On Conversation: Kate Retford and Jon Mee (Warwick)

    led by Professor Jon Mee (Warwick) and Dr Kate Retford (Department of History of Art and Screen Media, Birkbeck).

    Preparatory reading

    • the preface from William Godwin's Enquirer (1797)
    • the essay on politeness from William Godwin's Enquirer (1797)

    Preparatory looking:

    • Gawen Hamilton's portrait of 'The Du Cane and Boehm Families' 1734-5 in the collection at Tate Britain.

    Jon Mee is Professor of Romanticism Studies at the University of Warwick. His presentation stems from a Leverhulme funded research project on literature, conversation and contention, 1711-1832, which will be published by OUP in 2011 under the title, 'Conversible Worlds: Literature and the Idea of Conversation in the Eighteenth Century and Romantic Periods'. His previous publications include 'Romanticism, Enthusiasm, and Regulation: Poetics and the Policing of Culture in the Romantic Period' (Oxford University Press, 2003) and 'Dangerous Enthusiasm: William Blake and the Culture of Radicalism in the 1790s' (Oxford University Press, 1992), as well as a multi-volume edition of the sedition trials edited with John Barrell, and editions of Keats, Dickens, Wollstonecraft, and Hazlitt.

    Kate Retford is Lecturer in eighteenth and early nineteenth-century art history at Birkbeck. Her contribution to the reading group originates in her current book project on the conversation piece in eighteenth-century Britain. This was begun during a Leverhulme Fellowship in the History of Portraiture at the National Portrait Gallery, 2006-7.

    Her previous book, The Art of Domestic Life: Family Portraiture in Eighteenth-Century England, was published by Yale University Press in 2006. In addition, she has written a number of articles on topics relating to eighteenth-century portraiture, gender, and the country house art collection.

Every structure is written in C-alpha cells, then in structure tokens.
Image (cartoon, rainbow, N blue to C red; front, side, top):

Julie and her Father: Text and Image in Jean-Jacques Rousseau's La Nouvelle Héloïse led by Ann Lewis (Birkbeck)

    This session was led by Dr Ann Lewis (Department of European Cutures and Languages)

    Preparatory reading
    • pre-circulated extracts and illustrations from Jean-Jacques Rousseau’s novel, Julie; ou la nouvelle Héloïse, first published in 1761.

    Julie ou La Nouvelle Héloïse was illustrated many times over, from its initial publication in 1761, to the latter part of the nineteenth century. With few exceptions, critics analysing the novel’s illustrations have tended to focus on the first series by Gravelot, which were commissioned and directed by Rousseau himself. Ann Lewis focussed on a particular theme within the novel: Julie’s relationship with her father.  In particular, she compared the textual evocation of visual scenes dramatising this relationship, with its actualisation in the form of illustrations by various different artists (and their captions).

    Dr Ann Lewis is Lecturer in French in the Department of European Cultures & Languages, School of Arts, Birkbeck.  Her research and teaching interests are in the field of 18th-century French literature and culture and, in particular, the topic of sensibility, theories of reception and reader-response, and word and image relations (especially illustrations of 18th-century French fiction).

Thomas Paine on Duelling and Loyalist Cultures: Carol Watts

    Carol Watts introduced the essay teasing out questions about the significance of duelling in loyalist culture situating Thomas Paine's text in the context of her Leverhulme funded project on the culture of loyalist refugees in America during and following the revolutionary wars.

    Preparatory reading

    • Thomas Paine, 'Cursory Reflections on the Single COmbat or Modern Duel. Addressed to Gentlemen in every Class of Life', Pennsylvania Magazine (1775), available online through the Liberty Fund